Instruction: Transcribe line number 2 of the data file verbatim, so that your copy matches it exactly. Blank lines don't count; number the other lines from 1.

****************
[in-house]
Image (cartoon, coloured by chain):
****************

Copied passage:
Image (cartoon, coloured by chain):